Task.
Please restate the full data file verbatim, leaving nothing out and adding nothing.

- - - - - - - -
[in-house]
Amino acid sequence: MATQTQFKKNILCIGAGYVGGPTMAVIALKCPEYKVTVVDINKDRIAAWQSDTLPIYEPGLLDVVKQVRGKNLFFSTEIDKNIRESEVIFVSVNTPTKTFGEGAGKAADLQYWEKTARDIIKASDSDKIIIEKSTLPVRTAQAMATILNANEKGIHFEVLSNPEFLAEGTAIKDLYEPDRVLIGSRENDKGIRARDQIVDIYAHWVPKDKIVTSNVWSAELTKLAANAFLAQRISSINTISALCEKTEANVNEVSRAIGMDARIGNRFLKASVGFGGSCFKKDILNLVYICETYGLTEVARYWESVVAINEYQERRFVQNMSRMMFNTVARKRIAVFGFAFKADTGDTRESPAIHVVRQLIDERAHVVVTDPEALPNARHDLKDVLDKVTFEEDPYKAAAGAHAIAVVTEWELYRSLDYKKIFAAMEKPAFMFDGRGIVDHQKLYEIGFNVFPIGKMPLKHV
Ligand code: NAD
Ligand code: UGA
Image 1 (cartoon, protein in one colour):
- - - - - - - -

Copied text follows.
[in-house]
Amino acid sequence: MATQTQFKKNILCIGAGYVGGPTMAVIALKCPEYKVTVVDINKDRIAAWQSDTLPIYEPGLLDVVKQVRGKNLFFSTEIDKNIRESEVIFVSVNTPTKTFGEGAGKAADLQYWEKTARDIIKASDSDKIIIEKSTLPVRTAQAMATILNANEKGIHFEVLSNPEFLAEGTAIKDLYEPDRVLIGSRENDKGIRARDQIVDIYAHWVPKDKIVTSNVWSAELTKLAANAFLAQRISSINTISALCEKTEANVNEVSRAIGMDARIGNRFLKASVGFGGSCFKKDILNLVYICETYGLTEVARYWESVVAINEYQERRFVQNMSRMMFNTVARKRIAVFGFAFKADTGDTRESPAIHVVRQLIDERAHVVVTDPEALPNARHDLKDVLDKVTFEEDPYKAAAGAHAIAVVTEWELYRSLDYKKIFAAMEKPAFMFDGRGIVDHQKLYEIGFNVFPIGKMPLKHV
Ligand code: NAD
Ligand code: UGA
Image 1 (cartoon, protein in one colour):